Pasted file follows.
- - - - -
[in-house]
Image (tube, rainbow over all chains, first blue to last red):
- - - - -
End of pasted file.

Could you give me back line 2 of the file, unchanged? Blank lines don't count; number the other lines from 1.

Image (tube, rainbow over all chains, first blue to last red):